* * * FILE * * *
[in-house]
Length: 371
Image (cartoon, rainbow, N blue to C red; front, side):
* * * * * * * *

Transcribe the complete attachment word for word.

[in-house]
Length: 371
Image (cartoon, rainbow, N blue to C red; front, side):